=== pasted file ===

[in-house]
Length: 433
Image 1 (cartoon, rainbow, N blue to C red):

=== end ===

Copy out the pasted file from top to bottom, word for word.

[in-house]
Length: 433
Image 1 (cartoon, rainbow, N blue to C red):